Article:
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Federal-Provincial MPB Research Partnership Requests for Proposals

The mountain pine beetle (MPB) remains a severe threat to Alberta's pine forests despite the province making positive progress in controlling its spread within the province and aiding in abating the risk to the rest of Canada (Carroll et al., 2017).  Alberta was successful in acquiring Federal assistance to pursue three objectives of an operational nature to limit the spread of MPB into the eastern boreal forest, to limit the spread of MPB along the eastern slopes of Alberta, and to mitigate damage to Alberta's pine resources in locations where MPB is already established. This Research Partnership will be aggressive in seeking new knowledge and innovative management techniques to address these broad objectives.

This Request for Proposals broadly categorizes research needs into strategic themes that are provincially and nationally based and are briefly described here.  Within a provincial context, the proposed themes build on the Research Themes that guided the fRI Research Mountain Pine Beetle Ecology Program from 2007 to the present.


1. MPB Biology

Unlike in British Columbia where lodgepole pine has coevolved with Mountain Pine Beetle, Alberta pine is more vulnerable to mortality due to a lack of co-evolution. As the MPB spread eastward through the novel habitats of lodgepole, lodgepole pine – hybrid jack pine and pack pine one can expect to witness unique population dynamics and a range of biological interaction with new hosts. Many uncertainties exist regarding their interaction with novel hosts, fungal associates, natural enemies, and competitors. Moreover, climatic variations will broadly shift our current understanding of biological interactions that will required elucidation to ensure effective operational decisions. Re-exploring MPB biology in eastern habitats is therefore required to understand the risk to eastern pine forests better.

 

MPB Disersal & Spread

The mountain pine beetle expands its range by spreading through the landscape by short and long-distance dispersal flights. In the extended range, MPB populations are challenged with more heterogeneous pine forests of lodgepole pine, hybrid lodgepole-jack pine exhibiting various degrees of resistance and a vastly different climate than experienced in their historical range. All of these factors affect their dispersal capability and impact population expansion.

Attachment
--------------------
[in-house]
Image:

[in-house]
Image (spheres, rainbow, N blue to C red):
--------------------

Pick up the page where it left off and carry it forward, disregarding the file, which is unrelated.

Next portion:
Tools to confidently detect the presence of MPB at varying densities are critical to the successful management of populations. Analysis by Carroll et al. (2017) indicates that MPB single‐tree control efforts in homogenous stands in western Alberta were effective at limiting spread. Control efficacy is partially limited by effectively detecting green-attack trees and responding within a given timeframe. Historically, provincial detection efficacy ranged between 54-68 percent (Carroll et al., 2017). Provincially, detection accuracy within the 50 metres concentric survey plot averages 98.5 percent and increases only marginally at increased plot radii.

Management of MPB involves short-term beetle-focused (single-tree treatment) actions and long-term host management strategies that target forest composition at a larger scale. These strategies rely heavily on stand susceptibility models, operational decision support tools, and MPB spread models.

 

4. Ecological and Social Impacts

MPB outbreaks cause broad-scale ecological changes in pine forests leading to socio-economic impacts affecting community well-being, safety and security of the forest industry. These changes may be less predictable in the MPB expanded range, but understanding their impact is necessary to develop preparedness and increase community resiliency. Research on the effects of MPB in these new novel habitats is required. Moreover, understanding is needed on the response of endangered species to changes in habitat due to MPB, on hydrologically induced changes across the landscape and on stand regeneration. Research carried out by fRI Research through its Mountain Pine Beetle Ecology Program has provided essential insights to these questions, but more needs to be done. It is essential to incorporate this science-based knowledge into management strategies and to inform future risk assessments.

 

5. Wildfire behaviour after MPB